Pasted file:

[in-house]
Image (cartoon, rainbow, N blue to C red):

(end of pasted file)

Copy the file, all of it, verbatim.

[in-house]
Image (cartoon, rainbow, N blue to C red):